Last season’s frustrating losing streak came on the heels of what appeared to be a statement win over 15th ranked West Virginia.

With bowl eligibility and perhaps even an open door to the lower tier of ranked teams, SU was unable to string together a consecutive victory. Instead, Marrone's squad produced a five-game skid.

Even under Greg Robinson who would only total 10 victories in four years, Syracuse had been able to surprise the occasional heavy favorite. In the final two years of his tenure, the Orange snuck up on Louisville twice and Notre Dame once.

But it had been the lack of consistency that kept Syracuse from establishing itself as credible.

As mentioned by Axe earlier, there were times when it appeared that Marrone was holding the team’s top talent back unnecessarily. After inheriting the best of Robinson’s infamous tenure, the initial years of the Marrone era saw a Coughlin-eqsue approach being brought to the table.

Mike Williams left the program in 2009 in order to avoid pending disciplinary action and went on to become an immediate contributor as an NFL rookie the following season.

Safety Phillip Thomas also departed from the program in 2011 in order to sidestep a suspension. Thomas spent time on the Philadelphia Eagles practice squad this fall.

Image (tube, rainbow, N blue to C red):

But the stiff disciplinary measures did not break the spirit of the Orange roster. Rather, they helped to strengthen the core of the team.

"I have a lot of respect for Coach Robinson’s coaching style but at the time, Syracuse needed a coach that instilled a high level of structure, discipline, and accountability to all activities on and off the field." said Mikhail Marinovich.

Marinovich finished his collegiate career as the starting DE opposite New England rookie Chandler Jones in 2011.

"The little things soon became the big things to create a culture of doing things the right way."

In 2012 the Orange overcame early sputters to earn yet another upset win over Louisville (this time ranked 9th) and put themselves only one win away from a postseason berth.